Government (mid-2016 and beyond). More specifically,
the short- and medium-term objectives of the BDP are to
enable the Bangsamoro to:
1. Provide a development plan for the people of the
2. Build mechanisms of local participation that will
ensure sustainability and ownership of development
planning and implementation;
The focus of the BDP is on the Bangsamoro transition
period, as the Bangsamoro Parliament, the entity mandated
to identify and determine development programs and
projects for the Bangsamoro area, will become operational
in mid-2016.
C. Outline of the Plan
Against this background, guided by an assessment of
the current situation in the Bangsamoro and informed
by communities and stakeholders of the region, the
BDP provides recommendations in six cluster areas,
consistent with the BDF: (1) economy and livelihood; (2)
infrastructure; (3) social services; (4) environment and
natural resources; (5) culture and identity; (6) governance
and justice as related to the goals of normalization and
Recommendations in each cluster area include policy and
operational inputs on the key crosscutting areas of gender,
youth, and peacebuilding.
The BDP is divided into 15 chapters:
Chapter 1 presents the background, objective, and
outline of the Plan.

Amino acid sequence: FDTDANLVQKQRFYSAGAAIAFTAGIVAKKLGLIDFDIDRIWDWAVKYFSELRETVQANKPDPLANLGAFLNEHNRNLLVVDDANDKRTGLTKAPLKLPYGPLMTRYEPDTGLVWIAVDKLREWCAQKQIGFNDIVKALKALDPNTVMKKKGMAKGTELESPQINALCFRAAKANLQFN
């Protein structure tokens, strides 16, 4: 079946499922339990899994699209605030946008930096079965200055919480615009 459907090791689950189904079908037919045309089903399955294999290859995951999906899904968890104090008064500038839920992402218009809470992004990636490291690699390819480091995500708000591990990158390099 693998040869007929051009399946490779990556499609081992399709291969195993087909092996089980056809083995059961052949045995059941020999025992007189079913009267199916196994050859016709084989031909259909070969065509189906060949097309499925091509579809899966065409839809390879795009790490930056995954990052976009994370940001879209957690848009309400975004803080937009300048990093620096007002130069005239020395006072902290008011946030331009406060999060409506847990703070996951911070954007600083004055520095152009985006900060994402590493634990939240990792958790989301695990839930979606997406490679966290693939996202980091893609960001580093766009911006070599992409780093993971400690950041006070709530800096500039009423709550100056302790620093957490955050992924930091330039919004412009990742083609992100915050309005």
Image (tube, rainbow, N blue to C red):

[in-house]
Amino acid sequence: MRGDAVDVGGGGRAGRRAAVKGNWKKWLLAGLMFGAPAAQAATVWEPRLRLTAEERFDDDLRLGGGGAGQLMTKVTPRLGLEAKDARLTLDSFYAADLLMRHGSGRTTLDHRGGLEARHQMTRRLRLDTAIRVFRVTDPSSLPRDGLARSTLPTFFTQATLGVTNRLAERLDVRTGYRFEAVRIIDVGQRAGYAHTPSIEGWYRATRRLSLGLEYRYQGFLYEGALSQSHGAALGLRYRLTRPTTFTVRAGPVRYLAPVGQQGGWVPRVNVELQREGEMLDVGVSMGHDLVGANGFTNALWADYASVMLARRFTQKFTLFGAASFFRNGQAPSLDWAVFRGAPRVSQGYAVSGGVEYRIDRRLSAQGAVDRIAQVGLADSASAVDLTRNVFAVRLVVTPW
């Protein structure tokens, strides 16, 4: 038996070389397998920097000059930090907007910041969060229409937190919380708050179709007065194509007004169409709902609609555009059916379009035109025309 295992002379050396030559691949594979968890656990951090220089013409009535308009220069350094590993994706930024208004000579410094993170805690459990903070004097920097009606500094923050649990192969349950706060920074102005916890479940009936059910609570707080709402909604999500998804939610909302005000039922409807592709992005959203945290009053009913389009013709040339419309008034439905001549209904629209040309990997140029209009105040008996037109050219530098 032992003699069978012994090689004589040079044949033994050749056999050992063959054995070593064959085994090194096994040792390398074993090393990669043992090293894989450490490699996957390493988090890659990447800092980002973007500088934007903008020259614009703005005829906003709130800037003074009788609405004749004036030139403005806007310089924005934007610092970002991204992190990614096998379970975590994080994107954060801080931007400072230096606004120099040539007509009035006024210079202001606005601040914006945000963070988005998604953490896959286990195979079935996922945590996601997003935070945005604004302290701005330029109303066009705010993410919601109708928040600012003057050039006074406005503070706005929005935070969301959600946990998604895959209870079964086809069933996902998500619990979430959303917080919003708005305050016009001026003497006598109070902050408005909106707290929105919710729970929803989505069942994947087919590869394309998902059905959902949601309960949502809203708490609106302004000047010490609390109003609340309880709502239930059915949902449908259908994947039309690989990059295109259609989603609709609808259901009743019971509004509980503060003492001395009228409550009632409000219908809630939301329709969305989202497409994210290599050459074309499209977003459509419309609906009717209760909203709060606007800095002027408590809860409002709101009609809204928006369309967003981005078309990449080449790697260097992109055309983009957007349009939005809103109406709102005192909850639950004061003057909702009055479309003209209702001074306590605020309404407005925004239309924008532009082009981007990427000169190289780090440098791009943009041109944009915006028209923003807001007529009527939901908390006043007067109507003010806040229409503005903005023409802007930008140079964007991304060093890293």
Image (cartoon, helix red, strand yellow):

• Chapter 2 provides a brief historical narrative of the
Bangsamoro struggle and peace process as the context
of the BDP.
• Chapter 3 explains the methodology employed in the
formulation of the BDP and its limitations; and presents
the philosophy behind the BDF.
Bangsamoro Development Plan
• Chapter 4 assesses the current situation in the
Chapters 7 to 12 further break down the strategy
Bangsamoro area, including the regional development
into sectoral targets and recommendations for the six
challenges and opportunities involved in breaking the
thematic areas of the BDF.
cycle of conflict, poverty, and underdevelopment.
Chapter 13 outlines the proposed implementation
• Chapter 5 presents the results of Community Visioning
arrangements and financing modalities to ensure
Exercises (CVEs) conducted by the BDA to determine
that recommendations are effectively and efficiently
the needs, aspirations, and sources of dissatisfaction in
selected Bangsamoro communities. It also links to the
current situational assessment in the Bangsamoro as an